The Australian shares opened higher on Tuesday despite most Asian markets dropped in early trade. Miners were boosted by stronger copper and gold prices. Most Asian markets yesterday rose as sentiment was improved after prospects of a European Union and the International Monetary Fund bailout for Greece. The Australian sharemarket was closed on Monday for a public holiday. In economic news today, the Australian Bureau of Statistics is due to unveil producer price indices (PPI) for March quarter. The National Australia Bank releases its business confidence survey for the March quarter.
Two of Seven Network Ltd's (ASX:SEV) largest independent shareholders have agreed to support the merger of the television network and industrial equipment company WesTrac Holdings after extracting better terms for the deal. Seven Network's key institutional shareholders Ausbil Dexia and Perennial Value represent around 28.1% of shares outside those held by ACE, Kerry Stokes' private vehicle.
Australian shares rallied on Monday with gains in resources stocks helped to lift the market. The better-than-expected corporate earnings also fueled the rise. At the close, the benchmark S&P/ASX200 index was 82.4 points, or 1.8 per cent higher, at 4717.5, while the broader All Ordinaries index rose 76.4 points, or 1.6 per cent, to 4732.7.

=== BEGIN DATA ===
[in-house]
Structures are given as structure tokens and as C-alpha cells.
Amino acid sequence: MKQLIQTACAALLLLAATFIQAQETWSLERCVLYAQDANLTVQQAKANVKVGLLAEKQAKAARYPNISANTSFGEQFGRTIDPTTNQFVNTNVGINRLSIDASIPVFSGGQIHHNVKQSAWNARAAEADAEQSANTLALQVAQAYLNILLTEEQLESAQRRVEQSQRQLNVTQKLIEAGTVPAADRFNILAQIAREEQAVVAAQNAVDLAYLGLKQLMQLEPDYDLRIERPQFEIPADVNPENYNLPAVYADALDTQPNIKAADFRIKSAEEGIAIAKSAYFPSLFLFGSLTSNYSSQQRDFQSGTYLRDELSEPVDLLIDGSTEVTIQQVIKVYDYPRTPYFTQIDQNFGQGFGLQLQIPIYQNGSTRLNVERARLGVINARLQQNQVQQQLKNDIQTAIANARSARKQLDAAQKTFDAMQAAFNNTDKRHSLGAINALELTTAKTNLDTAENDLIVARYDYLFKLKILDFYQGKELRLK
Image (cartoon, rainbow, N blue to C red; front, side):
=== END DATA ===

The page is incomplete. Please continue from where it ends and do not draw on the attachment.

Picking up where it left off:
Wall Street declined modestly overnight as bearish analyst comments hurt bank shares. Analysts with UBS predicted the capital market's seasonal slowing could come earlier this year, cutting its fourth-quarter earnings target for Morgan Stanley, JP Morgan and others.
US stocks overnight closed at a new high for the year as the G20 finance ministers and central bankers pledged to keep stimulus measures until a recovery was certain. Dow jumped more than 200 points for the session, with 29 of the index's 30 components finished in the green.
Dow index hit a fresh 2009 high on Friday after the earnings season kicked off. Upbeat forecasts on IT giants IBM and Intel fueled the market's growing expectations over a profit recovery. S&P's 500 and Nasdaq both gained more than 4.5 per cent for the week.
Wall Street continued its gains for a fifth day on Thursday on some upbeat economic data and corporate guidance. The Commerce Department's report showed a sign of consumer spending pickup as US trade volume and imports surged. A separate report said jobless claims fell to 550,000 in the past week.
Wall Street was higher on Friday as a government report showed that the pace of job losses slowed in August. But the US stocks were still in negative territory for the week with the worst performance since early July.
Wall Street overnight extended its losses after a disappointing non-farm payrolls report in August, which raised concerns over the coming key reports on employment this week. US private sector slashed 298,000 jobs in August, a faster rate than economists' forecast.
Overnight Wall Street was up on economic data, positive earnings and the nomination of Federal Reserve chief Ben Bernanke to serve a second term. The Conference Board's August index of consumer confidence rose for a second month, exceeding economists' forecast.